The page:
First Family: A Life With the Fantastic Four by Justin Partridge

First Family

A Life With the Fantastic Four

“Fear is the main source of superstition, and one of the main sources of cruelty. To conquer fear is the beginning of wisdom.” -Bertram Russell

“It’s okay to be afraid. It’s okay to fail. But to say that you aren’t even willing to try. That’s unacceptable, Reed.” -Nathaniel Richards

It is 1997. I am 9 years old. My parents are in the early days of a very ugly divorce and we’ve (meaning my mother and I) moved from the home I had known into a shit-box lake cabin next to a dirty body of water. One that served as the party capital of the “town” just under 10 miles away; my now soul source of civilization. It contains one rinky-dink video store, an Allsups, and a grocery store that would occasionally have issues of Pro Wrestling Illustrated and multi-packs of superhero comics. It will be found wanting until I move away, my bitter and standoffish father having gained custody of me, in my early teens. 

We now live there with my Mother’s Mother and her boyfriend, owner of the lake house and quite successful dumpster diver. To mark the occasion, or maybe to try and endear himself to me, he presents me with two binders full of comics. They contain a ton of stuff and I still have a lot of these issues to this day. Multiple covers of the Jim Lee and Chris Claremont 90s X-Men reboot. A 100-Page DC Annual featuring a Shadow/Batman team-up. Motormouth & Killpower. Force Works #1. A few issues of Marvel, the faux “fashion magazine” Marvel used to publish (including one naming Charles Xavier the “Man of the Year”. Yikers, right?).

But best of all, it contained Fantastic Four #282. “Inwards to Infinity”, a semi-Secret Wars II tie in. With this WONDEROUS cover.

The FF was a BIG deal to me as a kid. I just thought they were cool. I couldn’t articulate why, really, because I was a literal child but they were always a big, big deal for me. Like, so big of a deal I once pestered my apparently on-the-rocks parents so much over a night about a Reed Richards action figure I had seen at a nearby United that my dad took me up there, moments before it closed, just to buy it so I would shut the fuck up about it. I had never seen Fantastic Four toys before. I didn’t even know they EXISTED outside of the reruns of the Fox Kids cartoon (which I was also obsessed with). I needed it. I took it everywhere until Reed’s arms fell off from the larger sculpt of the body. My brattiness aside, this issue was a BIG deal for me. Though I had seen the cartoons and coveted more FF toys, I hadn’t really read any of the comics.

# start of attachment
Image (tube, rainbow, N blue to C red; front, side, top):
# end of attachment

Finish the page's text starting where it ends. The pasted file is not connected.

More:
And holy. Shit. What an issue. Written by John Byrne (which, eh, I know), drawn by Jerry Ordway, colored by the criminally underrated Glynis Oliver, and lettered by John Workman, whom I would come to also love on Hellblazer, John Constantine and Peter David’s (also, I know, yuck) The Incredible Hulk, Fantastic Four #282 knocked my flat on my ASS, providing me a welcome escape and catharsis through my new, highly volatile emotional state and surroundings.

First off, I had no idea Reed Richards and Sue Storm had a KID! Here I was greeted with a tyke, not really much younger than I was at the time, facing down the cosmically crazy world and life of the Fantastic Four. The Larger Marvel Universe even! And he was a Richards, an impossible child for an impossible couple. The script also suggested that the BAXTER BUILDING HAD BEEN DESTROYED?! It COULDN’T BE! I was losing my goddamn mind. How could the Fantastic Four, the banner heroes (in my eyes) of the Marvel Universe, defeater of countless villains, both universal and terrestrial, be dealing with something I WAS dealing with?! It was unheard of.

I was also given another introduction in this issue. To that of the Power Pack. Independent, powerful children with dope ass costumes and seemingly limitless power. They called to Franklin from across  worlds, saying that only he could come back to them. They couldn’t come to him. This was powerfully poetic to me, even at a time where my contact with Poetry started and ended with Shel Silverstein’s sidewalk. It told me that even though things were bleak and you didn’t have your mom and dad and that your home was destroyed (metaphorically for me, obviously), that you could still make a friend. Even in a strange place.